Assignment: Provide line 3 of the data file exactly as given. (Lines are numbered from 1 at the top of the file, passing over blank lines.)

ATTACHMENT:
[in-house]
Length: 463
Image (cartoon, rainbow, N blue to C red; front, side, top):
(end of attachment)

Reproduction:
Image (cartoon, rainbow, N blue to C red; front, side, top):